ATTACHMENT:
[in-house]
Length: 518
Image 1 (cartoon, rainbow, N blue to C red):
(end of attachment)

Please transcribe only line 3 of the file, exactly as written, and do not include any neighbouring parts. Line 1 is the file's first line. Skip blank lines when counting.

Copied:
Image 1 (cartoon, rainbow, N blue to C red):